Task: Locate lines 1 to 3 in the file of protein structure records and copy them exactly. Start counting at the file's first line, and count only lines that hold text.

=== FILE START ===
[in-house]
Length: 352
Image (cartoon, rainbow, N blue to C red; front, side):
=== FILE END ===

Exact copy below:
[in-house]
Length: 352
Image (cartoon, rainbow, N blue to C red; front, side):